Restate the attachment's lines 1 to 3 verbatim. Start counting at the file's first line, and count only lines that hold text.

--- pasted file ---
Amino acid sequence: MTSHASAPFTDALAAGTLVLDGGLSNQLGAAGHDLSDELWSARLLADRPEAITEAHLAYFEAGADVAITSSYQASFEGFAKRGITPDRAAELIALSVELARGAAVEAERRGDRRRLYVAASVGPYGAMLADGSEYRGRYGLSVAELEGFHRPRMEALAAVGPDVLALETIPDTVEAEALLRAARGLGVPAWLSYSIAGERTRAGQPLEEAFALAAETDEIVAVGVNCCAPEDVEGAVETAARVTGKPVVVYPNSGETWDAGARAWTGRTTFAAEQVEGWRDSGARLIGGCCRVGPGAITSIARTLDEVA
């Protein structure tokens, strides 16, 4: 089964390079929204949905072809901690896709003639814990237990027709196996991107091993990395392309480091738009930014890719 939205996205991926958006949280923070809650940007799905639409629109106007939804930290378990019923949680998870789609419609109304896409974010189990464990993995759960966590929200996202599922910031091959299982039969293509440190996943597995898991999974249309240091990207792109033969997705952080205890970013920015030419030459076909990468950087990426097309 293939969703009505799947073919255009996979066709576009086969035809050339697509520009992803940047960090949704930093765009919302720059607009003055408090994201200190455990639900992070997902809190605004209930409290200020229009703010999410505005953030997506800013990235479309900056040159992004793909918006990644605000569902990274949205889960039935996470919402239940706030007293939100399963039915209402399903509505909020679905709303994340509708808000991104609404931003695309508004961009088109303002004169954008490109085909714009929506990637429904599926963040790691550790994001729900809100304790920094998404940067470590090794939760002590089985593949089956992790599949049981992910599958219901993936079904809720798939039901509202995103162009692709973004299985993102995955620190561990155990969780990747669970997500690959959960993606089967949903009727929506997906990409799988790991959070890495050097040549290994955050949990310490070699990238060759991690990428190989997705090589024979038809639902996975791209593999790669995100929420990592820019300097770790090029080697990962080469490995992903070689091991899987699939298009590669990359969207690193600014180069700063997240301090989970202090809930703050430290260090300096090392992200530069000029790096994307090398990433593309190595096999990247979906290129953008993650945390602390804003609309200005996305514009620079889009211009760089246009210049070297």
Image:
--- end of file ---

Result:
Amino acid sequence: MTSHASAPFTDALAAGTLVLDGGLSNQLGAAGHDLSDELWSARLLADRPEAITEAHLAYFEAGADVAITSSYQASFEGFAKRGITPDRAAELIALSVELARGAAVEAERRGDRRRLYVAASVGPYGAMLADGSEYRGRYGLSVAELEGFHRPRMEALAAVGPDVLALETIPDTVEAEALLRAARGLGVPAWLSYSIAGERTRAGQPLEEAFALAAETDEIVAVGVNCCAPEDVEGAVETAARVTGKPVVVYPNSGETWDAGARAWTGRTTFAAEQVEGWRDSGARLIGGCCRVGPGAITSIARTLDEVA
């Protein structure tokens, strides 16, 4: 089964390079929204949905072809901690896709003639814990237990027709196996991107091993990395392309480091738009930014890719 939205996205991926958006949280923070809650940007799905639409629109106007939804930290378990019923949680998870789609419609109304896409974010189990464990993995759960966590929200996202599922910031091959299982039969293509440190996943597995898991999974249309240091990207792109033969997705952080205890970013920015030419030459076909990468950087990426097309 293939969703009505799947073919255009996979066709576009086969035809050339697509520009992803940047960090949704930093765009919302720059607009003055408090994201200190455990639900992070997902809190605004209930409290200020229009703010999410505005953030997506800013990235479309900056040159992004793909918006990644605000569902990274949205889960039935996470919402239940706030007293939100399963039915209402399903509505909020679905709303994340509708808000991104609404931003695309508004961009088109303002004169954008490109085909714009929506990637429904599926963040790691550790994001729900809100304790920094998404940067470590090794939760002590089985593949089956992790599949049981992910599958219901993936079904809720798939039901509202995103162009692709973004299985993102995955620190561990155990969780990747669970997500690959959960993606089967949903009727929506997906990409799988790991959070890495050097040549290994955050949990310490070699990238060759991690990428190989997705090589024979038809639902996975791209593999790669995100929420990592820019300097770790090029080697990962080469490995992903070689091991899987699939298009590669990359969207690193600014180069700063997240301090989970202090809930703050430290260090300096090392992200530069000029790096994307090398990433593309190595096999990247979906290129953008993650945390602390804003609309200005996305514009620079889009211009760089246009210049070297």
Image: